The China Geological Survey has issued data of the first batch of global coastal-wetland monitoring networks in China, showing the sound operation of four coastal-wetland field monitoring stations across the country. The data is available to a global audience via cloud sharing.
File photo: VCG
The four coastal-wetland field monitoring stations are located in Panjin City of northeast China's Liaoning Province, Dongying City of east China's Shandong Province, and the areas along the Xinyanggang River and the Simaoyou River of Yancheng City of east China's Jiangsu Province.
Since 2018, the stations have conducted around-the-clock environmental monitoring of the atmosphere, surface water, pore water, soil and plants in these regions.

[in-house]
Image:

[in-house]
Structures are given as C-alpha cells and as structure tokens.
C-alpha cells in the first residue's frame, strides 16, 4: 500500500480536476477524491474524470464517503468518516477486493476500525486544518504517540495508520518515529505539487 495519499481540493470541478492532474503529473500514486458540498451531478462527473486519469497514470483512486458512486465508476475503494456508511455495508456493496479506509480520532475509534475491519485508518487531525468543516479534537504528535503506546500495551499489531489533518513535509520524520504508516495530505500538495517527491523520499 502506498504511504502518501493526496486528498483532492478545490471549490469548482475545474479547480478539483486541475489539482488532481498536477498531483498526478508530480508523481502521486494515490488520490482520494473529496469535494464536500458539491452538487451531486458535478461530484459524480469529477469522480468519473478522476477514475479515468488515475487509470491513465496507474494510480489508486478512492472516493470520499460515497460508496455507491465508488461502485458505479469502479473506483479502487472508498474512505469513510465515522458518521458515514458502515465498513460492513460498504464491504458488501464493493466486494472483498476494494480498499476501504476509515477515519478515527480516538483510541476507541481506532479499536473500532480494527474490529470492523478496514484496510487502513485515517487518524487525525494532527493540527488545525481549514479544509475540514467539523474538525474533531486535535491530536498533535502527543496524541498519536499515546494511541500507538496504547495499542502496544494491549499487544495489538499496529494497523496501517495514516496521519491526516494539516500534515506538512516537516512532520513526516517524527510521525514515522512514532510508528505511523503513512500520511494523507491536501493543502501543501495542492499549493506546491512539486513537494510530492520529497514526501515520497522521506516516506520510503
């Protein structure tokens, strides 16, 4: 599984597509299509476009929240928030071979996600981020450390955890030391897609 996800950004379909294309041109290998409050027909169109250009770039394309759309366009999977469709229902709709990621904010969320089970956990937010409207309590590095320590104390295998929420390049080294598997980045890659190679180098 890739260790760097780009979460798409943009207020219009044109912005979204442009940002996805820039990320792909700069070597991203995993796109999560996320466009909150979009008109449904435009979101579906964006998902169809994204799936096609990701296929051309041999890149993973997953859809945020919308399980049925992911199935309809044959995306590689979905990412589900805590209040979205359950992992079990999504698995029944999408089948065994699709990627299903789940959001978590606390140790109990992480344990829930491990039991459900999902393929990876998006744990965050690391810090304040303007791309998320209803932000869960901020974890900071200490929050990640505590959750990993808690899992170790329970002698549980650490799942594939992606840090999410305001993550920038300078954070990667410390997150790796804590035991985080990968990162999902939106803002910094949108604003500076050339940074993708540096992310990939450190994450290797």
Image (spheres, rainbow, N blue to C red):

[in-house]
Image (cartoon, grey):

"We have collected 76 million groups of data at the monitoring stations. By connecting with the Geological Cloud, the data can be provided to the public directly," said Ye Siyuan, director of the Key Laboratory of Coastal Wetland Biogeosciences, China Geological Survey under the Ministry of Natural Resources. The China Geological Survey plans to include more types of wetlands in the monitoring network and through the network conduct in-depth researches on coastal-wetland ecosystem protection, restoration and climate warming in the future.
The monitoring stations in China and Florida wetlands, Spain's Ebro Delta and Skilling Peninsula wetlands in Denmark form a global typical coastal wetland eco-geological environment monitoring network.